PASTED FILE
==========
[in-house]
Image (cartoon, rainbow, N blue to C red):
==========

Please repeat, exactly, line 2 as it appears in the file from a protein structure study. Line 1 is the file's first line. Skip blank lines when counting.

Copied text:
Image (cartoon, rainbow, N blue to C red):